Susan: Now think about what it means in this society, to be pulled toward the cues that predict food rewards. Let’s say sugar rewards. If you’re pulled strongly, maybe even unconsciously, toward golden arches when you see them in the corner of your eye, like all of a sudden your car is driving that way.
Susan: If you’re walking down the hall of your school, ’cause you’re a teacher, and you catch a little glimpse of a Dunkin Donuts box, that pink box, through the window of the teachers’ lounge, and suddenly you’re pulled in that direction, and your friends are talking, and you’re like, “Oh,” and now you have a donut in your hand. You don’t even know how it happened.
Susan: If it’s Friday night, and you’re pulled toward the bar where the wings, and the beer, and the nachos are happening because it’s a certain time of day.
Susan: If you’re driving to work, and you’re pulled toward the Starbucks, and suddenly you’ve got a latte and a muffin in your hands. You can picture it, right? Our society is one long stretch of food cues. Time of day, smell, sights, TV commercials, on, and on, and on. If those cues themselves pull you with a force that’s magnetic, imagine the job of getting over sugar addiction, of losing weight. When it’s not just that you gotta eat fewer calories. It’s like, well you’ve gotta break all of those association. It’s a massive job.
Susan: So when you talked, Jonathan, about being really cognizant when you quit smoking of, “I’m not hanging out with people who smoke. And I’m not gonna put myself at a party on a Friday night. I’m gonna stay home.” You were aware of all the different cues that might undo you because they pull you harder than they pull other people — those cues.
Susan: That’s a little bit about what it is to be addictive. You’re pulled toward the cues to the degree that other people are not.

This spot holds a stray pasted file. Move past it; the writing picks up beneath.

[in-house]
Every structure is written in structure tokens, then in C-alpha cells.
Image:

Jonathan: Absolutely … Yeah. And I agree with you. It still goes back; it’s amazing as others that listen to this take that journey to break that sugar addiction, of the challenge that they have ahead of them. It’s eight times more addictive than cocaine.
Jonathan: You talk about, I mean, we, I think about, you know, the holidays, and I think about having a cheat day on Christmas, just calling it a cheat day, and having sugar and candy with my daughters, and having that whole quote, unquote, fun day. Then the next day there were some of those treats left over but yet I want to go back to eating a ketogenic-style way of eating, which is what I prefer. But all I see is an M&M bag over here, you know, a little chocolate thing there. Some little thing there. That’s what I see, and it’s like you know, you almost want to, you just gotta throw it all out, or do something.
Susan: Did you eat them the day after?
Jonathan: No. No.
Susan: And how did you not?
Jonathan: Well, that’s willpower. But if they were there every day, it would be different. I don’t keep a lot of that stuff in the house, but I do still keep things. What I don’t keep is my weaknesses in the house as much.
Susan: I think of ourselves as we embark on this breaking the sugar addiction journey as having parts, and one of the parts is definitely the saboteur who whispers, “Just a little. Time for a cheat day. You deserve it. It’s been a long week. It’s your daughter’s birthday.” Whatever the whispers are. The first thing that the saboteur is gonna whisper is, “You can’t do that forever. That’s unrealistic. There’s no way. What about this event? What about this occasion?”
Susan: It’s basically like, it’s the most rudimentary move of the saboteur. It’s the first move. And so many of us fall for it. And we forget that life doesn’t show up as forever. Life always shows up as today. There is no such thing as all those days in the future. When we get there, it will be today.